His revival of debunked claims that millions of illegal voters are to blame for him losing the popular vote to Hillary Clinton and call for a major investigation -- in essence challenging the legitimacy of his election -- is in danger of overshadowing the otherwise fast start he has made in honoring campaign promises and changing America.
In two tweets, Trump on Tuesday said : "I will be asking for a major investigation into VOTER FRAUD, including those registered to vote in two states, those who are illegal and.... even, those registered to vote who are dead (and many for a long time). Depending on results, we will strengthen up voting procedures!"
Trump first made his claims about illegal voters after it became clear soon after November's election that he would lose the popular vote but win the electoral college. His revived the charge in a meeting with congressional leaders on Monday night.
His spokesman, Sean Spicer, was unable to quell the controversy on Tuesday, citing "studies and evidence" as the basis for Trump's claims -- then refused to discuss or produce any such material.
"The President does believe that, I think he's stated that before, and stated his concern of voter fraud and people voting illegally during the campaign and continues to maintain that belief based on studies and evidence people have brought to him," Spicer said.
The reappearance of a controversy the Trump camp had thought was in the past was another sign of one of the President's most dominant traits -- an inability to accept any suggestion that he was unable to pull off a complete and total victory in any area of his life.
The self-ignited controversies in the first five days of his presidency -- including one about the size of his inaugural crowds -- also hints at a deeper and consuming need to be demonstrated as legitimate that has driven Trump for decades and has sometimes been an Achilles heel.
As so often, the steps Trump takes to try to satisfy his craving for respect and to be seen as a spectacular victor threaten to make that recognition ever more elusive.
In this case, his refusal to accept that he lost the popular vote fair and square, despite winning the electoral college and the presidency, threatens to detract from another far more significant story -- his sweeping use of executive power to live up to campaign promises and begin to change America.
He has moved to revive the Keystone XL and Dakota Access oil pipelines, killed the Trans-Pacific Partnership and begun the process of taking apart Obamacare.
Next week, Trump is expected to name a Supreme Court nominee, a potential legacy-making opportunity most presidents don't get in their first week in office.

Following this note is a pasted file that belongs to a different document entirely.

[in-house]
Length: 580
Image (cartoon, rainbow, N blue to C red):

But the revived debate about voter fraud is a sign that the off-the-cuff controversies that Trump used to his political benefit during the campaign have the capacity to actually damage him as President because they undermine the trust that is a vital commodity for every commander in chief.
A number of academic and governmental studies have found no evidence of voter fraud to back up what would be the most sensational story election in American history.
Trump's deep desire for legitimacy is not some new character trait that has emerged from during his early days in power.
Throughout his campaign, his obsession with polls, boasts about his wealth, lavish praise for his buildings and business revealed a candidate unusually open to talking up his achievements and place in the world.
Michael D'Antonio, author of a recent book "The Truth About Trump" said the President's obsessive desire for recognition was on display through his long climb to prominence as a business tycoon.
"He absolutely has done this for his entire life -- going back to childhood when he had to tell people he was the best baseball player in New York state when baseball is something they keep records on and they can prove it's not true. He was raised by a very demanding father and his father did not tolerate anything but complete victory and success in everything that Donald did."
But now, Trump has finally arrived at a position where the scrutiny is intense and claims and boasts that could be put down to the braggadocio of a real estate tycoon in the business world no longer fly.
"This is the first time in his life that he has to play by rules that other people establish ... (but) he doesn't see any difference between salesmanship and being a president," said D'Antonio, also author of a new book about Barack Obama called "A Consequential President."